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May 16, 2018 6:54 PMPublication: The Southampton Press

Ronald Lauder Asks To Rebuild Wainscott House Destroyed During Superstorm Sandy

Ron Lauder is asking to rebuild a small oceanfront house that was destroyed during Superstorm Sandy in 2012.    MICHAEL WRIGHT
May 22, 2018 1:35 PM

Billionaire businessman Ronald Lauder has asked East Hampton Town for permission to rebuild an oceanfront house that was almost completely destroyed in 2012, during Superstorm Sandy—with its remnants scattered in nearby Wainscott Pond.

Representatives of Mr. Lauder have filed an application to the Town Zoning Board of Appeals asking for several variances from environmental codes to allow a new house to be built on the narrow strip of dune and marsh that runs between the pond and the Atlantic just to the west of Beach Lane in Wainscott.

The proposed new house would be one story, though Federal Emergency Management Agency regulations require that it be elevated on pilings. It would total about 1,490 square feet and would also have about 970 square feet of decking surrounding it.

The new house is proposed to be built farther east on the property than the original house, to move it out of the precarious narrowest reach between the pond and the ocean dunes.

It would also be landward of where the old house stood—a point marked by the lone remnant of the original structure, its former rear staircase, which now stands in the middle of a row of tall, manmade dunes that were rebuilt following Sandy.

Attorney Richard Hammer told the members of the zoning board on Tuesday, May 15, that the new location had been chosen to try to minimize the nonconformity with environmental codes as much as possible, as well as move the new house into a safer location.

“It’s frankly not possible to achieve a conforming building site on this property,” Mr. Hammer said. “It’s a unique balancing test between all the different competing goals of the town code.”

The proposed new location would put the house 80 feet landward of the crest of the dunes, whereas the required minimum is 100 feet. But moving it away from the dunes would move it closer to wetlands on the pond side of the property. The application also asks for several variances from required wetland setbacks of between 40 and 60 feet.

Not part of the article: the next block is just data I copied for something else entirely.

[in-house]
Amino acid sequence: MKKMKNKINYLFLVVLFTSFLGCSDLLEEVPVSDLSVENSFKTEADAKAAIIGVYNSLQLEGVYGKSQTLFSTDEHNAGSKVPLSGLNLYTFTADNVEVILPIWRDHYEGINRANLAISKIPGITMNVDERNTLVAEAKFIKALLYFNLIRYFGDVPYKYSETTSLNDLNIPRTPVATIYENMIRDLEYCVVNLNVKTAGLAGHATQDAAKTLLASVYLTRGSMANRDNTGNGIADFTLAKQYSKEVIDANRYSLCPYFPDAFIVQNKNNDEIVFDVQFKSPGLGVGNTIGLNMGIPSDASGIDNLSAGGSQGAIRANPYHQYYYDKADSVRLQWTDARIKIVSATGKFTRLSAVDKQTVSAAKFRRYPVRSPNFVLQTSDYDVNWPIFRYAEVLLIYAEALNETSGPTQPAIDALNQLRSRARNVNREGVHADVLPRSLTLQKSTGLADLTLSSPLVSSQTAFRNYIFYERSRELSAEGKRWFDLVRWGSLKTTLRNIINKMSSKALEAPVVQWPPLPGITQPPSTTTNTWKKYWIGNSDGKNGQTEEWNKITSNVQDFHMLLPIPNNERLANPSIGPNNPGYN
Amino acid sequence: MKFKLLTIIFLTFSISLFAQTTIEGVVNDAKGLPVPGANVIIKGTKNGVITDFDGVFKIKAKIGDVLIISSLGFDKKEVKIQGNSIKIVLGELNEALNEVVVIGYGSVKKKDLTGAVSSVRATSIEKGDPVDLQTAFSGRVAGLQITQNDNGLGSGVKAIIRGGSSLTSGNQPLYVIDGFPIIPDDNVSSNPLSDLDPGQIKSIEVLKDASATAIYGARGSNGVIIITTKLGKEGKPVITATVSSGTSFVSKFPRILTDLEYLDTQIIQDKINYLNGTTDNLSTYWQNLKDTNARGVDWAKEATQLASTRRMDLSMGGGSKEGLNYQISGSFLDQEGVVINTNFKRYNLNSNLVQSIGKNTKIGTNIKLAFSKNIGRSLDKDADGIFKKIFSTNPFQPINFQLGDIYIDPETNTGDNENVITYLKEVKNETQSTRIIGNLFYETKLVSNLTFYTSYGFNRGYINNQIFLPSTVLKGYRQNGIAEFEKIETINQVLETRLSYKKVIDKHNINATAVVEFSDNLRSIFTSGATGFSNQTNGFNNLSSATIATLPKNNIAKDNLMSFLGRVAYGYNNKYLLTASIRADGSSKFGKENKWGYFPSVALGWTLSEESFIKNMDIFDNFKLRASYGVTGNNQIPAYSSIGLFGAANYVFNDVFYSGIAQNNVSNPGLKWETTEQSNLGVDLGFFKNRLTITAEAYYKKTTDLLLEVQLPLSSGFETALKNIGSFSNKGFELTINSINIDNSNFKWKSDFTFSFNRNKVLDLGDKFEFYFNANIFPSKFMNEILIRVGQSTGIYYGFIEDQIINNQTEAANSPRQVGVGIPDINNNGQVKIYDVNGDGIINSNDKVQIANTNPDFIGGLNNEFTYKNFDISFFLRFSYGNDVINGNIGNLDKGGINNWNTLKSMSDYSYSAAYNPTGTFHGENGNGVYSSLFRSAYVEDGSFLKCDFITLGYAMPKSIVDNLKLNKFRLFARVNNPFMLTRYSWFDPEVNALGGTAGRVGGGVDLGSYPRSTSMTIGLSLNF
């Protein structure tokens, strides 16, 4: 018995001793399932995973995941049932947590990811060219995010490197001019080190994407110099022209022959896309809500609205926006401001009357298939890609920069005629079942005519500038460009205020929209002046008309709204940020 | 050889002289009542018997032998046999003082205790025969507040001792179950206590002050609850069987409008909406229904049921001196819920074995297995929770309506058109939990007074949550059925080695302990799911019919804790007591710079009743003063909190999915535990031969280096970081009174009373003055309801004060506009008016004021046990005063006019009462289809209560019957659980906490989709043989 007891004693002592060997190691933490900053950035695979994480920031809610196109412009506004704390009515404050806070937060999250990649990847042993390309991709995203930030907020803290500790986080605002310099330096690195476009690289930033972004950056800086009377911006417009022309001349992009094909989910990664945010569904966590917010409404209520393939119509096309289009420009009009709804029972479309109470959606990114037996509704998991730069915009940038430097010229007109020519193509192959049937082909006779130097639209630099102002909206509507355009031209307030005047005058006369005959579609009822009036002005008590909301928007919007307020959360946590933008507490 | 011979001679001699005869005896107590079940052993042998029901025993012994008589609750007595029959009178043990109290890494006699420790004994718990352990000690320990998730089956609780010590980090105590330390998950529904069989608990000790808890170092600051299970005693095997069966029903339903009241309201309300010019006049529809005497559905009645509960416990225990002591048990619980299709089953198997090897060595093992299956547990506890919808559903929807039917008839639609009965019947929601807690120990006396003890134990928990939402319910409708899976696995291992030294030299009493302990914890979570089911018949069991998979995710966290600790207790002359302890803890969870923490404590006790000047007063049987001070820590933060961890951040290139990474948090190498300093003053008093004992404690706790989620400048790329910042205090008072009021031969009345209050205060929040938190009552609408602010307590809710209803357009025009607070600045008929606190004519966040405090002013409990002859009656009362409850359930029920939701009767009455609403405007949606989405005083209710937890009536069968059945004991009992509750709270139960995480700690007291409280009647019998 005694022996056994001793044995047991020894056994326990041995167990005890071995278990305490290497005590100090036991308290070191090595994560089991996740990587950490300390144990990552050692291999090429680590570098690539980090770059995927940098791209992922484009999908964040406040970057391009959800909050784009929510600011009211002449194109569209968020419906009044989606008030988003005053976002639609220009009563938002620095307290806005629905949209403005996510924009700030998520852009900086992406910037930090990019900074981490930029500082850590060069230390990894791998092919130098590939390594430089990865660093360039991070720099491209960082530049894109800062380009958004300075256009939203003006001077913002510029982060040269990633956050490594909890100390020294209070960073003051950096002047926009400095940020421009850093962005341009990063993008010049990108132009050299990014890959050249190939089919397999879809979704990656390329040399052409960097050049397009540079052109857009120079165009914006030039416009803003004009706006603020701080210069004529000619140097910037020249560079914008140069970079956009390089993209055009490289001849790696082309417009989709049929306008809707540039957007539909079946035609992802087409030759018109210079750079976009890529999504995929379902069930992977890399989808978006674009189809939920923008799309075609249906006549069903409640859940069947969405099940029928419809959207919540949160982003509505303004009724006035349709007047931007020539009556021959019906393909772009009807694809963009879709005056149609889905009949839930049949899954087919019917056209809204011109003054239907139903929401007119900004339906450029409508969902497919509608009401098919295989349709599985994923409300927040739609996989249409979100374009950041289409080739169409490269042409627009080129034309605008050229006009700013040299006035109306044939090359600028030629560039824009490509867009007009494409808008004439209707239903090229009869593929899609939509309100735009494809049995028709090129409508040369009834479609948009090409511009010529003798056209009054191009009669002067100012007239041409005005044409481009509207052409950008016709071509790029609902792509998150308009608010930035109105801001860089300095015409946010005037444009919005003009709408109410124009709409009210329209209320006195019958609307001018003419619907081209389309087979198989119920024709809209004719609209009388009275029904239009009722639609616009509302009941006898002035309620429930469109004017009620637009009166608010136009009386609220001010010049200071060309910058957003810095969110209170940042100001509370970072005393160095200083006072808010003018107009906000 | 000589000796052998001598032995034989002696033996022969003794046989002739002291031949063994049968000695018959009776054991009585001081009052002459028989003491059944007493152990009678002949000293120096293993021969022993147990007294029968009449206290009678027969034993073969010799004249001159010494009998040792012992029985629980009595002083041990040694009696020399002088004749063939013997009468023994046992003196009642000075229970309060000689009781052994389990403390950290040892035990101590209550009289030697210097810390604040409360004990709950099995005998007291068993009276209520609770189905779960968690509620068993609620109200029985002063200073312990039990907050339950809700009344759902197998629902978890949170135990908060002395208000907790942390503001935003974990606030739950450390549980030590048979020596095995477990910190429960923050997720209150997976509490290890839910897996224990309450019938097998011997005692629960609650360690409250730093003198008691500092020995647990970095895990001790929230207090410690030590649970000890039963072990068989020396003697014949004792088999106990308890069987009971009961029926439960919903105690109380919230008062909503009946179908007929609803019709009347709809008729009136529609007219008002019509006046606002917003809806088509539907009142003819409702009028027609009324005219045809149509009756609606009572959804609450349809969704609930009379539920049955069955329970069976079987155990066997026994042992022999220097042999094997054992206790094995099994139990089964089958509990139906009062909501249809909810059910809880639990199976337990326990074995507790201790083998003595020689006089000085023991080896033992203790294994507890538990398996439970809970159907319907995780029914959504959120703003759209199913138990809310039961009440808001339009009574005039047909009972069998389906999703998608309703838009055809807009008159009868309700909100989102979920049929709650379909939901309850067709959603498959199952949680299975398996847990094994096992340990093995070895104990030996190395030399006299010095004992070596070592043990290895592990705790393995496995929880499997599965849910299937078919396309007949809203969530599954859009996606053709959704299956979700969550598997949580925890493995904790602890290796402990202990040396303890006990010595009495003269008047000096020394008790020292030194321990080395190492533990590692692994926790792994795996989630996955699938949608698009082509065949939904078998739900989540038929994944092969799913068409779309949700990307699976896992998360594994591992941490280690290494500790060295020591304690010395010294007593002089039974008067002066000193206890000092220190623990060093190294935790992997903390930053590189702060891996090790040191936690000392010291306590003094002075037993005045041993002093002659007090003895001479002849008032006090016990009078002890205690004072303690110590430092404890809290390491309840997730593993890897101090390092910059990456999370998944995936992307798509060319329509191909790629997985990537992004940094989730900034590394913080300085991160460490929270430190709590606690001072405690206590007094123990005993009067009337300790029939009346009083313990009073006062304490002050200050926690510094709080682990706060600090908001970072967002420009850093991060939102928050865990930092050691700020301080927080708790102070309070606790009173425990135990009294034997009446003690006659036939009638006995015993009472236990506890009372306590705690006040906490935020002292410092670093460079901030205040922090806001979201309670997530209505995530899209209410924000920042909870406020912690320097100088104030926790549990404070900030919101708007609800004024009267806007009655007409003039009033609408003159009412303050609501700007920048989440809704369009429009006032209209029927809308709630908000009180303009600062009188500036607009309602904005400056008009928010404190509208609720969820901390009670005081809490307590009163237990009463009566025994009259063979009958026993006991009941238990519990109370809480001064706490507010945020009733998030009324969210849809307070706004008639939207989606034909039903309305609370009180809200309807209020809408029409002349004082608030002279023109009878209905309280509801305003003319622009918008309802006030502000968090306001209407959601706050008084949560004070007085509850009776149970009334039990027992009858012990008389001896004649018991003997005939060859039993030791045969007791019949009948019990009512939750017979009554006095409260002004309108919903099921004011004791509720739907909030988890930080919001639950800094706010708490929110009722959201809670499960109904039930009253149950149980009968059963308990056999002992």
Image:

The one-story, flat-roof design was intended to minimize the visual impacts of the new house when viewed across Wainscott Pond from Wainscott Main Street—a view that Mr. Hammer acknowledged is “an integral part of the character of Wainscott Main Street.”

The former house had been about 2,700 square feet, Mr. Hammer estimated, and had been the focus of a much-watched battle to protect it from destruction by storm-driven waves over several years. Contractors for Mr. Lauder had tried a number of efforts to protect the house as the dunes and eventually even the ocean beach between it and the sea eroded away.

The final effort had been the use of giant sandbags called geocubes around the base of the house, which had protected it in a series of bad storms, including Hurricane Irene a year prior to Sandy.

But Sandy’s storm surge and towering waves obliterated the structure, reducing it to little more than loose boards and pieces of siding and roof that were carried into Wainscott Pond by the storm’s waves. After the storm everything from lawn chairs and beach towels to bits of insulation and roofing shingles spread around the entire shoreline of the pond—much of which is owned by Mr. Lauder.

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The previous house was destroyed because of it's location. It is on a thin strip between the Ocean and wetlands. Shouldn't this be a good indication that there should not be a house there? Don't we have these environmental laws for a reason? I don't care how much $$ you have, or who your lawyer is, lets leave what little natural beauty we have left
By PatrickKing (15), Sah Harbor on May 17, 18 12:22 PM
1 member liked this comment
You know you have too much money when you want to build another house after nature destroyed the first one. The storms are increasing in strength and number, not decreasing.
By Greg129 (5), East Quogue on May 17, 18 12:36 PM
1 member liked this comment
" It's frankly not possible to achieve a conforming building site on this property". That says it all! NO!! Now go away.
By bigfresh (4666), north sea on May 17, 18 1:18 PM
1 member liked this comment
Feds but the land and keep it natural, indians never built on the ocean, guess why???
By knitter (1941), Southampton on May 22, 18 3:57 PM